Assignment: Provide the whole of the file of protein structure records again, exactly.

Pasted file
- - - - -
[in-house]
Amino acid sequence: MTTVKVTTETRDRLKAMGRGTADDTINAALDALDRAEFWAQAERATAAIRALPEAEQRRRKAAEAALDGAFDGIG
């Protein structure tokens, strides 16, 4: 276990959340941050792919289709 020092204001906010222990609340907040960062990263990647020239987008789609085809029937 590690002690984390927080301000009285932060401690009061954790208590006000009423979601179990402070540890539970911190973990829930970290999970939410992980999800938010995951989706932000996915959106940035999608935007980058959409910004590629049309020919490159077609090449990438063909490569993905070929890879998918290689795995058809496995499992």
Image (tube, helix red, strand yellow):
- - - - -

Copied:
[in-house]
Amino acid sequence: MTTVKVTTETRDRLKAMGRGTADDTINAALDALDRAEFWAQAERATAAIRALPEAEQRRRKAAEAALDGAFDGIG
């Protein structure tokens, strides 16, 4: 276990959340941050792919289709 020092204001906010222990609340907040960062990263990647020239987008789609085809029937 590690002690984390927080301000009285932060401690009061954790208590006000009423979601179990402070540890539970911190973990829930970290999970939410992980999800938010995951989706932000996915959106940035999608935007980058959409910004590629049309020919490159077609090449990438063909490569993905070929890879998918290689795995058809496995499992």
Image (tube, helix red, strand yellow):